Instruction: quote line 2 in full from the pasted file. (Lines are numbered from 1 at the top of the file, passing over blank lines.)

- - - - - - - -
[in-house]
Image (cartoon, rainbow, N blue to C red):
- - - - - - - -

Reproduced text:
Image (cartoon, rainbow, N blue to C red):